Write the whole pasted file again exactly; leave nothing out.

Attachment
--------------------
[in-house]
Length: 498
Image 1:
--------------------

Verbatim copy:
[in-house]
Length: 498
Image 1: